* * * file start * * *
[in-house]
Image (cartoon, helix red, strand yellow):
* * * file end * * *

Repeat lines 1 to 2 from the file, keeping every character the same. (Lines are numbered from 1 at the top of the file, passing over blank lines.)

[in-house]
Image (cartoon, helix red, strand yellow):